Are You a LinkedIn Pimp? Or Something Else?

By Tad Miller | Jul 10, 2007
More Articles by Tad

I’ve heard it called MySpace for adults or business people, or an online way to play “6 Degrees of Separation”. It’s and if you’ve had your head in the sand and haven’t heard of it, it’s a Web 2.0 phenomenon that’s a great way to do business networking with others online.

LinkedIn says:

LinkedIn is an online network of more than 11 million experienced professionals from around the world, representing 150 industries.

When you join you put up a profile – essentially your resume and then “invite” your own personal contacts to join. They have a very nice interface that allows you to upload your Microsoft Outlook Contact and easily E-mail them invitations to join to.

Growing your LinkedIn Network of Contacts is the goal. Encouraging your network contacts to grow their network of contacts indirectly grows your network of contacts. As LinkedIn puts it:

Your network consists of your connections, your connections’ connections, and the people they know, linking you to thousands of qualified professionals.

LinkedIn says that “Invitations should only be sent to people you know personally” i.e. friends, colleges and business associates. But this is the most ignored rule of LinkedIn and they know it and turn a blind eye to it.

You have to admire the people who accumulate a lot of contacts by real honest to goodness networking. My wife just hit her 200th contact of people she actually knows and has worked with. But while she’s out marketing and selling people on Search Mojo, I’m back at the office doing account management, not meeting people… And in some ways I’m fine with that.

What I found on LinkedIn though was that there is no way that the people with the most contacts actually know all those people. I kept seeing people who used the term LinkedIn “LION” in their profiles. LION means Linked In Open Networker. Some have even called themselves promiscuous linkers.

LIONs will link with anyone and openly admit it. They print their contact E-mail in their profiles which allows total strangers to contact them directly and request to be added to their networks. To my knowledge LinkedIn does not edit the E-mail addresses out any profiles – despite telling people to only link with people they know.

Most of the top linked people on LinkedIn are in the staffing industry and use “open networking” to grow their own networks – allowing them to easily search for top talent to fill positions.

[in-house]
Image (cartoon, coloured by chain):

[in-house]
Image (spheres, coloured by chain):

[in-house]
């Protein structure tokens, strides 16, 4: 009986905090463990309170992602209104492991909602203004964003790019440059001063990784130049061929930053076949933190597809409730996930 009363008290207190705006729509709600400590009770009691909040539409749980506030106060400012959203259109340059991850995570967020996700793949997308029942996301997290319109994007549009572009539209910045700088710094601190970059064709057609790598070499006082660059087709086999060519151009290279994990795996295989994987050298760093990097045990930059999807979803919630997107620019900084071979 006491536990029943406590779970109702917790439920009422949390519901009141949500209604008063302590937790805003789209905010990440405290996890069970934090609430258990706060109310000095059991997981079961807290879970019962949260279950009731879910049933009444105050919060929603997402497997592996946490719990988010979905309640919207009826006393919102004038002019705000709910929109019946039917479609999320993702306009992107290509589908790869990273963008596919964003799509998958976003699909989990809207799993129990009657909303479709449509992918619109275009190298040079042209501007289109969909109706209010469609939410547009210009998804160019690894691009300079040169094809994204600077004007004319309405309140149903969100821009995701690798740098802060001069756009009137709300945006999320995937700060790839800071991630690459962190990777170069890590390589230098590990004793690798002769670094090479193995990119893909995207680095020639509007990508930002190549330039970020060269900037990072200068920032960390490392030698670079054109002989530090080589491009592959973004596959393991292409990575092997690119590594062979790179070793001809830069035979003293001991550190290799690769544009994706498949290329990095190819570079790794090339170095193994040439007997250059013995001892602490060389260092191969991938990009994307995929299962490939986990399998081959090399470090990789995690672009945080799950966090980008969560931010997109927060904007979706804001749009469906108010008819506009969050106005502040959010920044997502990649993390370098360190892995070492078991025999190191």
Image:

I put my E-mail address right next to my name in my profile and get constant requests to join my network. I also found a site ( ranking the top linked people on LinkedIn – almost all are LIONs.

I’ve sold myself cheap to grow my LinkedIn network – some are actual contacts. But, Jack White’s words from the White Stripe’s latest single “Icky Thump” rings true to me when it comes to LinkedIn: “You can’t be a pimp and a prostitute too.

I’ve made my choice though; I’m a LinkedIn prostitute and admit it. I’m trying to just be a selective “high class LinkedIn who**” and just link with the very top linked people.

I look at it this way. I’m making myself more visible to more people in LinkedIn who might be interested in Search Mojo.

That doesn’t make me a bad person…does it?

Share this article

Share on LinkedIn Share on Twitter

Receive Monthly Digital Marketing Tips

Subscribe to monthly updates from the Marketing Mojo Blog to get the latest digital marketing tips, best practices and insights - hot off the presses and straight to your inbox!


Blog Search

  • Simon Heseltine

    Hmm, and I just accepted your invite today. I wasn’t aware that I was running in such seedy circles ;)

    A friend’s husband works for a large defense contractor, and decided to just blanket request everyone in the company, within a few days he was past my meager total, and I think he passed the 200 mark by the end of the third week… Me, I go with people that I’ve at least emailed once (and no the invitation to joined linkedin doesn’t count as that one email)

  • Pingback: LinkedIn - An overview